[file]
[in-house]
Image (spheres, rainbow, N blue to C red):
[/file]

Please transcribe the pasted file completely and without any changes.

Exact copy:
[in-house]
Image (spheres, rainbow, N blue to C red):